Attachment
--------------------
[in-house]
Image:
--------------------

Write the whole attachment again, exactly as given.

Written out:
[in-house]
Image: